No jab, no job?
Controversial founder of Pimlico Plumbers, Charlie Mullins, coined the ‘No jab, no job’ phrase this week, insisting that all of his employees must get a Coronavirus vaccine. He’s not the first business owner to take that stance, but it’s one that could become a hot topic in the coming months.
- As an employer, it’s going to be far easier to plan if you know that the chances of your employees falling ill are lower.
- If you’re reliant on bringing the public into your premises, or on your team visiting them, to be able to confidently declare that they’ve had the vaccine, you could make a big difference to sales.
- Without your team having had a vaccine, will you have to keep social distancing measures in place, or keep people working from home for longer periods?
‘No jab, no job’ suddenly seems sensible, but will it be simple to implement?
It’s highly likely that employment lawyers will quickly argue that this would be discriminatory. Human rights lawyers could claim an abuse of the most basic of rights, that of choice. This becomes more complicated if a claim can be made that the vaccine was against religious beliefs.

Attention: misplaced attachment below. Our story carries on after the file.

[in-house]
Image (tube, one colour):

Can it be argued that a choice can be made, but that there could be consequences of that choice? You already have to choose for some countries whether to have the right jabs, or whether you stay away. Is this that different? It’s all choice…
I’m not about to give an answer here, or even an opinion! It’s a very new area of consideration and one that is going to get very messy.
It is definitely one to think about if you have a team, or are considering recruitment in the future. It might also be one to talk to your HR advisor about, sooner rather than later, to check what you may already have in your contracts.
As the vaccine is rolled out to the working population you may well need to have a considered stance in mind.
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